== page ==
Hedda Gabler was written by Henrik Ibsen, arguably the father of modern drama, in the late 19th Century. Ibsen was among the first to write in a realistic style on subjects affecting the middle class society in which he lived. Many of his plays, including A Doll’s House, Ghosts, and An Enemy of the People, are considered classics, and Hedda is among the most frequently performed of his works.
For me, there are many reasons that the theatrical world in New York and beyond continually returns to watch the fate of General Gabler’s vibrant, desperate daughter play out. From the acting standpoint, many consider Hedda to be Hamlet’s female counterpart – the role that many a gifted actress is eager to tackle. And for this reason, I feel truly lucky to have the brilliant Mary-Louise Parker playing the title role. Mary-Louise is well-known for her Tony-winning performance on stage in Proof and has been lauded for her work on television in Weeds, Angels in America, and The West Wing. She is exactly the kind of smart, modern actress who can breathe new life into this famously ambiguous character.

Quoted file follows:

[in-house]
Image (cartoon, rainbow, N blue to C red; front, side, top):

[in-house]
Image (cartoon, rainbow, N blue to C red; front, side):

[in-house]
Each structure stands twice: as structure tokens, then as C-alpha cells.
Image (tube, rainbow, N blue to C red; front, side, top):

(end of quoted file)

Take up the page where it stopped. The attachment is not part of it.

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Related Categories: 2008-2009 Season
, Hedda Gabler